Beyond PayPal, other digital wallet providers are similarly targeting brick-and-mortar retailers, though awareness, adoption and interoperability remain a challenge. Google Wallet, for example, has forged partnerships with prominent retailers such as CVS, Macy’s and OfficeMax – offering customers the ability to pay, redeem offers and earn loyalty credit by tapping their mobile phone to Google Wallet-enabled POS terminals.[9]

Digital Wallet Adoption Barriers At The POS

While integrating digital wallet acceptance offers a number of advantages for physical retailers in the age of smartphones, there are several barriers that have (as of yet) prevented this trend from taking off on a grand scale. One key challenge, as detailed in the previous article, is that introducing digital wallets at the POS puts them in direct competition to the industry heavyweights that currently dominate the offline retail space, such as the “duopoly” of Visa and MasterCard.

Further, unlike dongle-based or other “card present” mobile POS transactions, digital wallets fall into the “card-not-present” category, which adds a bit of complexity. Namely, these transactions carry with them an increased risk of fraud, as merchants must resort to other means to authenticate the purchaser’s identity. Given increased risk, card-not-present transactions also sometimes carry an additional fee for the retailer, which may de-incentivize their use in favor of other mPOS solutions.

For digital wallets to gain adoption by both consumers and merchants, they need to be interoperable across multiple mobile devices and operators, and merchants need the proper hardware or software to accept digital wallet payments. Of yet, digital wallet operators have struggled to find the technology which does not require investment from either merchants or consumers – limiting adoption. Near-field communications, for instance, the technology that powers both Google Wallet and Isis, requires both consumers and merchants to invest in compatible technology, as we covered in this Mondato newsletter.

A Changing Retail Landscape

With digital wallets struggling to gain widespread traction, some operators have attempted to spur more immediate interest in their offering by introducing plastic cards. Last year, for instance, reports surfaced that Google was planning to add a physical credit card connected to its Wallet platform – enabling users to make purchases at retailers that do not support NFC.[10] Though the card has yet to materialize, the reports suggest that the company was exploring ways to win over customers reluctant to dive straight into digital wallets. PayPal, similarly, has integrated plastic card capabilities through their PayPal Anywhere platform, and their 2012 partnership with Discover Card.[ [11]](

Unimpressed by existing third-party digital wallet solutions, some retailers have taken the shift to digital into their own hands. Last year, a group of US merchants announced the development of their own mobile commerce solution – deemed the Merchant Customer Exchange. In contrast to many other digital wallet solutions, the MCX mobile application aims to be available via nearly any smartphone, and plans to integrate special offers, promotions and loyalty programs.[12]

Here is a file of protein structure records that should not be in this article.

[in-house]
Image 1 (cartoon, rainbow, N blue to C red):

But even as brick-and-mortar retailers integrate digital wallet acceptance into their POS, they are likely to still face competition from digital retailers, who are gradually edging their way further into the physical retail space. In a seemingly counterintuitive trend, a number of online merchants have established an offline presence, tapping into the benefits of the in-store shopping experience, while maintaining a nimble and interactive online experience – the best of both worlds. According to a recent Economist article, this trend suggests that both online and traditional retailers are “migrating to a middle ground,” with boundaries between the two worlds slowly blurring.[13]

**The Future of Digital Wallets? **

Of yet, digital wallets have yet to catch on, or even make a dent, at the point of sale. A recent report from Javelin Strategy & Research showed that mobile POS proximity payments made up just 0.01 percent of total retail volume in 2012. The recent network access fee introduced by MasterCard signals that emerging digital wallet players may face an uphill battle moving forward.

However, change towards increased digital wallet activity is inevitable, as brick-and-mortar retailers look to mobile payments as a way to stay competitive amid rising competition from digital retailers. The Javelin report predicts that mobile POS payments will total 13 percent of retail transactions by 2018. We agree with this forecast, but anticipate that the road to 2018 is likely to be bumpy.